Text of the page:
Now, I have an iPhone 4 and as I flip through my apps I still find a few go-to-games, but I see myself using more apps that serve a purpose. That purpose for me is being an agriculture communicator. I would like to share with you a few apps to help you work from your phone and spread the message about the wonderful world of agriculture.

1.  HoursTracker

  • Price – $2.99 or a FREE Lite Edition
  • DetailsHoursTracker easily tracks your working time and earnings with a streamlined, easy-to-use interface great for use on the go. Start a timer with two taps of the finger or track your time by just entering in your punch times manually. Track time while using other apps, add as many jobs are you like, assign a pay rate to calculate earnings, set up pay periods and view your time by weekly, bi-weekly, semi-monthly or monthly, export reports to email, etc.
  • Why I Love – Keep track of the hours you work on your clients websites, blogs and social media sites. Organize hours you edit photos or video footage to send to customers.  It is always hard to guess the amount of time you spend on certain projects, this app allows you to stop short changing yourself and start getting paid for all your hard work and creativity.

2.  Dragon Dictation

  • Price – FREE
  • DetailsDragon Dictation is an easy-to-use voice recognition application that allows you to speak and instantly see your text or email messages. You can dictate status updates directly to your social networking apps or send notes and reminders to yourself.  Editing feature provides a list of suggested words, voice driven correction interface, paste text into any application using the clipboard, etc.
  • Why I Love – While on the road or out in the field this app allows you to get your ideas and thoughts on paper quickly.  I am always brainstorming blog topics, status updates, to-do lists and emails while driving or away from my computer.  This helps me keep track of all the random thoughts going through my head that I would otherwise forget.

3.  Instagram

  • Price – FREE
  • DetailsInstagram is a simple way to make and share photos.  Pick from one of several filtered effects to add creativity to your mobile photos.  Share photos in a simple photo stream for friends to see and follow friends’ photos.  Instantly share photos to Facebook, Twitter, Flickr, Tumblr, Foursquare, and Posterous, unlimited uploads, receive likes and comments.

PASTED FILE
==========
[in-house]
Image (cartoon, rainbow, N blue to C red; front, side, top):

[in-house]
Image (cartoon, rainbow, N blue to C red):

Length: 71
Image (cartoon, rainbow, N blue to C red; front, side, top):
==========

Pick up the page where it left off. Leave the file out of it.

• Why I love – Smartphone cameras are state-of-the-art capturing pictures with as much resolution as a small hand held camera.  I always have my phone on me and use it to capture everyday memorable moments I want to share with others.  I use this app with Twitter the most.  It adds the picture in a short URL right to your tweet.  The effects allow you to share photos that look like they have had hours of editing.

4.  Keek

  • Price – FREE
  • DetailsKeek is an easy way to share video moments and status updates.  Send microvideo updates (“keeks”) using your smartphone. Share your keeks to Facebook and Twitter followers. Connect. Capture. Share.
  • Why I Love – Who knew it was as easy to share video as it was a simple photo. Instead of writing a status update to announce to customers of an upcoming event or sale…how about you record a short video clip.  Keek is a fun way to be different and show some creativity.

5.  TurboScan

  • Price – $1.99
  • DetailsTurboScan turns your smartphone into a multiple scanner for documents, receipts, whiteboards, business cards.  Scan, store, print or email them as multipage PDFs or JPEG files.  Auto edge detection, fast processing, document naming and storage, open in other apps like Dropbox or Evernote, compact attachments, etc.
  • Why I Love – Using this efficiency app allows you to organize your on-the-go business. Instead of losing those reimbursement receipts or forgetting where you put all the business cards you got at the last farm show…scan and export to email or other word processor.

Let’s Get Chatting